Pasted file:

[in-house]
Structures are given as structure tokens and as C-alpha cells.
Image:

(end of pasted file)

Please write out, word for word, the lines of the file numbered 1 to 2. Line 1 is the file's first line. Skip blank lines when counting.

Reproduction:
[in-house]
Structures are given as structure tokens and as C-alpha cells.